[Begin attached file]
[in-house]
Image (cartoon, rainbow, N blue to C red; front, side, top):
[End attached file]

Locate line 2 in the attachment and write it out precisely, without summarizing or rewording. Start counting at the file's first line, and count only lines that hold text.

Image (cartoon, rainbow, N blue to C red; front, side, top):